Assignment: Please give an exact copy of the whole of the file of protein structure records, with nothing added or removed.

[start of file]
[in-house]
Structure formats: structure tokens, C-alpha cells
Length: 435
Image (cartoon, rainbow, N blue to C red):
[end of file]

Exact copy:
[in-house]
Structure formats: structure tokens, C-alpha cells
Length: 435
Image (cartoon, rainbow, N blue to C red):